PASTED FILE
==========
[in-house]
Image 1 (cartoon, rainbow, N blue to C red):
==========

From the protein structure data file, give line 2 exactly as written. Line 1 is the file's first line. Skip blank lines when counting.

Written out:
Image 1 (cartoon, rainbow, N blue to C red):